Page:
Which makes sense. Gustav H. could never exist in the real world. The quick-witted concierge of the eponymous luxury resort is a figure of fantasy. His possessions are few, but include several bottles of the perfume “L’eau de Panache” and “several volumes of romantic poetry”, poetry Gustav H. is quite willing to quote at a moment’s notice. A flirt and chancer, Gustav H. is the ideal concierge, a relic of a bygone age when people could trust on servants to protect their secrets to the grave.

Cleaning up his act...

Cleaning up his act…

Over the course of The Grand Budapest Hotel, Gustav gets into all sorts of trouble – he’s frequently frustrated by the people around him. He is framed and betrayed, manipulated and locked away. He has a few dark moments of the soul, but there’s an incredible sense of romance to lonely old Gustav. He pauses to mourn the passing of a fellow servant, even one who was trying to kill him. When he loses his temper with anybody, he is quick to apologise.

Although there’s an obvious desperation and greed at play in his interactions with his elderly female patrons, Gustav is respectful and considerate of them. Gustav is a character who feels woefully outdated in the world around him – completely unprepared for the cynicism that confronts him. He embodies an old-world innocence that probably never actually existed, but the kind of idealism and romance that we’d like to believe existed.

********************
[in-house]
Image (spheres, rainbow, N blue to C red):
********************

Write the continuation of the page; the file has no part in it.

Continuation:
Laying down the Law...

Laying down the Law…

The Grand Budapest Hotel is a paean to an age of innocence that never quite existed – something the film tacitly and repeatedly acknowledges. For all its romantic imagery, it is the most brutal film that Anderson has ever produced – full of reminders of man’s inhumanity to man and the cruelness of the world itself. Even Gustav himself is far from a flawless character – while he’s respectful of and concerned about the welfare of his patrons, he is also greedy. While not his first reaction on hearing of the passing of an acquaintance, he does ponder whether she may have left him some money.

And yet, despite these more obvious examples of cynicism, The Grand Budapest Hotel remains a film about an innocent past that never existed. In fact, the film calls attention to how little actual substance Gustav H. actually has. The narrator points out that he never found out where Gustav came from, or where his family might be. The movie gives us enough information to piece together a compelling profile of a man who knows true poverty and respects class, but the film itself draws attention to how intangible its central character is. The fact that he is known as “Gustav H.” should give the game away.

Gustav H, ladykiller?

Gustav H, ladykiller?